Review by Choice Review
Much has been written about Frederick "the Great" (1712-86), including several recent German-language biographies that coincided with the 2012 tercentennial of his birth, but none can match the breadth, balance, and good sense of this superbly written study. To begin with, Blanning (formerly, Cambridge) is the first scholar to identify Frederick's homosexuality and strident homoeroticism as key elements of a complex personality molded by the love-hate relationship with his abusive father, King Frederick William I (r. 1713-40). He also portrays Frederick as a deceitful, narcissistic egomaniac who shamelessly pursued military glory and all other vehicles of self-promotion while invariably seizing full credit for his subordinates' many contributions. Nor does the author hesitate to identify the victims of this mean-spirited bully, who repeatedly reveled in humiliating those around him. Yet, Frederick also earns praise as a wise ruler who further strengthened the imposing edifice that his father had left him and as a discerning patron of Enlightenment thinking and culture. Blanning's balanced assessment extends to military matters, in which Frederick was "an indifferent general, but a brilliant warlord." Perhaps his greatest contribution came from attracting a legion of talented "Prussians by choice," who flocked to Berlin to help rebuild Prussia after its catastrophic 1806 defeat at the hands of Napoleon. Summing Up: Highly recommended. All levels/libraries. --Charles Ingrao, Purdue University
Copyright American Library Association, used with permission.
Review by Publisher's Weekly Review
Blanning (The Romantic Revolution), retired professor of modern European history at Cambridge University, ambitiously explores the origins, outlook, and impact of Frederick II (1712-1786) in this wide-ranging biography. The enigmatic king was a man of contrasts: miserable during his strict military upbringing, he later proved an adept and enterprising wartime commander; a cosmopolitan man of letters more comfortable in French than his native German, his rule helped consolidate the foundations of a coherent German identity. Harangued by his father for preferring reading to "hunting, drinking, or praying," Frederick nonetheless held himself out as "a beacon of reason," establishing in Berlin an open and tolerant society unprecedented at the time. But as much as Frederick enjoyed exchanging poetry with philosophers, his reign was defined by the Seven Years' War, a grueling conflict spanning four continents and entangling the Prussian forces in simultaneous fighting on five fronts. The youth who ran away from his barracks became a man "who could hold the balance between the other great powers of Europe," yet expressed reluctance to return to Berlin even at the close of war. Blanning's lively prose and command of the economic, social, and artistic currents of 18th-century Europe make this an attractive book even for those unaccustomed to scholarly reading. Maps & illus. Agent: Scott Moyers, Wylie Agency. (Apr.) © Copyright PWxyz, LLC. All rights reserved.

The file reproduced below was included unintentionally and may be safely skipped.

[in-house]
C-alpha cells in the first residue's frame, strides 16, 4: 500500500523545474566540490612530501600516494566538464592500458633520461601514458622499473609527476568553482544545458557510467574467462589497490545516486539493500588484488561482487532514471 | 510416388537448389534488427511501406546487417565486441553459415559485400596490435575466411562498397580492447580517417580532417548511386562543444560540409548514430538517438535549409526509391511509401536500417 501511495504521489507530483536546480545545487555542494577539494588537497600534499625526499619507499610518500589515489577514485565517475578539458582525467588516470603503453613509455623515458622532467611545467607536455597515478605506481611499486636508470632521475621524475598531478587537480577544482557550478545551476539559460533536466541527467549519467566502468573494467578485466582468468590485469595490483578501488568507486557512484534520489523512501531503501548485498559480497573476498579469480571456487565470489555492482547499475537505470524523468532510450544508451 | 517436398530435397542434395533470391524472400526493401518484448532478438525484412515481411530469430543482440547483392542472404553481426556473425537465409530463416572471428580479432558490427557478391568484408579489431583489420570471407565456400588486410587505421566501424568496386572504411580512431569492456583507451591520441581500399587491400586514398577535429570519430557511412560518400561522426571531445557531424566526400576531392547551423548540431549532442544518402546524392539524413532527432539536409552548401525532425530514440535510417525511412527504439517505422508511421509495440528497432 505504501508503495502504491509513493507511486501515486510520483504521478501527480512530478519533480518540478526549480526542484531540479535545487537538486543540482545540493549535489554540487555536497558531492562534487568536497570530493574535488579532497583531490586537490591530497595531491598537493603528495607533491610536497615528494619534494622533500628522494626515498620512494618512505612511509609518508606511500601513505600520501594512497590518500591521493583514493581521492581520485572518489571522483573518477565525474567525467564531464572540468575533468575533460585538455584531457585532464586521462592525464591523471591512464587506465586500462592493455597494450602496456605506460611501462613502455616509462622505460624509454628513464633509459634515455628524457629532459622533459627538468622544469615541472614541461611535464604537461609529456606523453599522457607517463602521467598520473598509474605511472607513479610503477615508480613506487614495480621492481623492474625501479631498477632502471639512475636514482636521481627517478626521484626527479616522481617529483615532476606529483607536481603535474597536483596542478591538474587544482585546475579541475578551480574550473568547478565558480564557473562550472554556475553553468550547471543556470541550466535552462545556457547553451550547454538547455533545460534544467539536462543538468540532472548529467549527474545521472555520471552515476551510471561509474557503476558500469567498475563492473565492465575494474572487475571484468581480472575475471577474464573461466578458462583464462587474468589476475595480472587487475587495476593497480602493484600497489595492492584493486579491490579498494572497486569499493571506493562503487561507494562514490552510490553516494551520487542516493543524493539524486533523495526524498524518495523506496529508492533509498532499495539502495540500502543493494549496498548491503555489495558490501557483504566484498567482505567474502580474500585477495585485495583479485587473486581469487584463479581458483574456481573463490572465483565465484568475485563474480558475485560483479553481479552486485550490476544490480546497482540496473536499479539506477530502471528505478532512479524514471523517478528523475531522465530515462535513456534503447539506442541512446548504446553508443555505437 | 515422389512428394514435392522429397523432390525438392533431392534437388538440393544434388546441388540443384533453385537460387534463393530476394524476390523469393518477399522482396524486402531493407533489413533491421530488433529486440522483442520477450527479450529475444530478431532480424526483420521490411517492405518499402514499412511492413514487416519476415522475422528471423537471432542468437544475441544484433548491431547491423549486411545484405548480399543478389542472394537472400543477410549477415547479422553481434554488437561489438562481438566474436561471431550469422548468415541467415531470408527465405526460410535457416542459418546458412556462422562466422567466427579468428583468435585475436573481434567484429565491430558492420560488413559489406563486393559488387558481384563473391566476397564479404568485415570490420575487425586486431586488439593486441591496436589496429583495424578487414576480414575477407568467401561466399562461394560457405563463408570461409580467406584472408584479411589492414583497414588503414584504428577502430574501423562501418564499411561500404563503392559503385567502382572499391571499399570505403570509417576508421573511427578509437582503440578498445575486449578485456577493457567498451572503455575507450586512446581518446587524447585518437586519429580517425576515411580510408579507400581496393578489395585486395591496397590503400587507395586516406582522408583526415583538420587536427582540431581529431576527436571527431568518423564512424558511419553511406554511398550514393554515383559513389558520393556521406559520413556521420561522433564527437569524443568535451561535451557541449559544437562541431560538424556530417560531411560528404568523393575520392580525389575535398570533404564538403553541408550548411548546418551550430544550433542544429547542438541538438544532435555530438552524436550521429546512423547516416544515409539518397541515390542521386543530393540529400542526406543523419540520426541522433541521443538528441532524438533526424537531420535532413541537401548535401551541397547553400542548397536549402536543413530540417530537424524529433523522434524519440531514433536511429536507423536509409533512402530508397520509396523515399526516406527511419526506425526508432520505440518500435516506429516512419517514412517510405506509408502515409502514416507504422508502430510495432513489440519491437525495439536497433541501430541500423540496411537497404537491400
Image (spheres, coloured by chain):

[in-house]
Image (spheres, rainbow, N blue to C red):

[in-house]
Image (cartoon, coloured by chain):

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Review by Kirkus Book Review
Prussia owes its reputation as the personification of militarism to Frederick the Great (1712-1786), who, though mocked by his own father as a weakling, foreshadowed Napoleon's military genius. British Academy fellow Blanning (The Romantic Revolution: A History, 2012, etc.) divides his biography into childhood, the Seven Years' War period, and Frederick's domestic efforts and policies. Throughout, the author explores and questions his subject's sexuality. Frederick's court was homosocial, even homoerotic, and lacked women. There are plenty of hints in his writings, and in those about him, but never a definitive statement. Blanning leaves it to readers to decide. Frederick despised Christianity and the Catholic Church. His music, his flute, and his art collection were his escapes from enforced religion. He corresponded with Voltaire for more than 40 years and accepted counsel only from him. Upon acceding to the throne, Frederick first dismissed his wife and then set out to surpass in war and conquest the father who abused him physically and psychologically. He invaded Silesia, the first of three Silesian wars; the third was better known as the Seven Years' War. In the middle section, Blanning concentrates on that war, demonstrating his abilities as a military historian. Frederick built a top-notch military machine, and his highly trained, devoted soldiers were well-provisioned; they not only followed him, they often saved him from his own errors. The author shows Frederick as inexperienced, inept, and overconfident. During the war, his reconnaissance was faulty, and the intelligence he received was inadequate. Facing numerically superior enemies, this absolute commander succeeded as they failed to coordinate attacks, their councils debated actions, and parliaments refused funding. His decisions to attack were quick and often wrong. As Blanning notes, "when madness succeeds, it has to be renamed audacity." Frederick made many mistakes, but his will and determination ensured success. While the sections about Frederick's childhood and reign are well-written and informative, it is the war coverage that will win over readers looking for a different view of the Seven Years' War. Copyright Kirkus Reviews, used with permission.
Copyright (c) Kirkus Reviews, used with permission.
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